Hasford's Vietnam Epic

Hasford's 1982 novel The Short-Timers was the basis for Kubrick's Full Metal Jacket. I just finished reading The Phantom Blooper, which is Gustav Hasford's second novel about Vietnam. The Phantom Blooper was published in 1990, although indications are that it was written long before, and only after FMJ was released could Hasford publish it.

I truly wish that someone would publish these two books in a single volume, simply because they deal with Vietnam in a far more totalistic way than most approaches do. In The Short-Timers, we follow Joker through training at Parris Island, and into some of his service in Vietnam. The Phantom Blooper picks up the story where Joker is stationed at Khe Sanh, one of the more horrific places of the whole war. He is eventually wounded and taken prisoner by the Viet Cong. For reasons not entirely explained, Joker is allowed to work for the VC village; helping to build walls, train young soldiers, and much more. He makes his plans for escape very slowly, but as the story progresses he develops a respect for the VC that's far beyond the grunt's-eye-view respect for "Victor Charlie" we usually get in Vietnam dramatizations. And he develops sympathy for the cause as well; they don't try to brainwash him or make him confess to war-crimes, but he does eventually decide to start fighting American soldiers as well.

Amazingly, Hasford's narrative style -- so striking inThe Short-Timers -- adopts a more lyrical tone when Joker is with the VC, yet it doesn't really feel different. You really get a sense of Joker gradually shifting from the fatalistic, hyper-Raymond Chandler voice he had as a Marine. And although I haven't read widely of Vietnam novels, I know of relatively few that attempt to tell about the war from the VC's point of view. Eventually, Joker is "rescued" -- the village he's kept in is destroyed in order to save him. He spends some time in a VA hospital in Tokyo, recuperating, watching soldiers die slowly or commit suicide. The Army gives him a Section 8 because he willingly fought for the VC. Eventually he returns to the States, and after meeting up with some of the other vets (one is a memberof the Vietnam Veterans Against the War, another is a SWAT team sniper), visiting Cowboy's parents, he goes home to Alabama. His family, however, cannot deal with the horrors of what America has been doing to Vietnam, and what the war has created in Joker. At the close of the book, Joker is returning to Vietnam as a free-lance writer.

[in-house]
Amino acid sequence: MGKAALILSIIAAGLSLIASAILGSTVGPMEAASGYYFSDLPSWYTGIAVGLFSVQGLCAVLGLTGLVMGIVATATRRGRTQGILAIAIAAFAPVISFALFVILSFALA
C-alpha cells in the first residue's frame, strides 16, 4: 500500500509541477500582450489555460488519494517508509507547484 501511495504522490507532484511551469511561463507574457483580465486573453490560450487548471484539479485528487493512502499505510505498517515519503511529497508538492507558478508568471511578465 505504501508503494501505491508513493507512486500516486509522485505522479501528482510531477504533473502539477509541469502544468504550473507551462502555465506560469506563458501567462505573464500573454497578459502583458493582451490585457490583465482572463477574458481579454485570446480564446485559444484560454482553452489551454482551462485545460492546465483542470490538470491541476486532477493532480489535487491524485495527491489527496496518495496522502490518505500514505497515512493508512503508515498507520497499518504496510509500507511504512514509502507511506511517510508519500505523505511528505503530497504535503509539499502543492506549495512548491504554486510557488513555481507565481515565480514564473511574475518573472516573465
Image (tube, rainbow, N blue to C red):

Like I said, I wish someone would issue these as a single volume. Taken individually, each is a brilliant & singular portrayal of the war. Taken together, we have a kind of Vietnam epic, the kind of story Oliver Stone tried to tell in Platoon, Heaven and Earth and Born on the Fourth of July. To be honest, I'm hoping that Kubrick's own success with Full Metal Jacket doesn't overshadow Hasford's achievement. If you can find The Phantom Blooper and The Short-Timers, read them both together.